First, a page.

There are hundreds of movies about the criminal who gets out of jail and tries to live a clean life. The outcome can go either way, and you know that going in, but getting there is the fun part. “The Good Thief” doesn’t offer anything new in this category, and the journey is tiresome, but at least it tries … for whatever that is worth.
When the turning point comes for thief Chris Doogan (Christopher Kadish), we no longer care. We’re bored. We don’t care if he goes back to crime, stays with his new girl (Hannah Dalton), or tries to find a way to make things right with his family. Hell, I was hoping he’d get shot in the head, and I almost got my wish. He’s a wishy-washy criminal with boyish good looks that want to appear hard and stoic. His original reasons for turning to a life of crime are vague, but he does look right at home cleaning up around the diner where he’s employed. His character is just that type of person.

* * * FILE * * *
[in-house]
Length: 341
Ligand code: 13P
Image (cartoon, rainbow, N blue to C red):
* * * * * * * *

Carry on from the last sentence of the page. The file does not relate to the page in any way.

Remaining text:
I love classic tales of redemption. I want to know what route the character will take and why. I want to place myself in their shoes. This movie doesn’t engage me in any of those things. As realistic as it is, it is too subtle for its own good, and it just never seems to build up momentum. If anything, “The Good Thief” made me want to watch “The Limey” again so that I could be reminded of how good a crime film with similar (though not exact) themes can be in the right hands.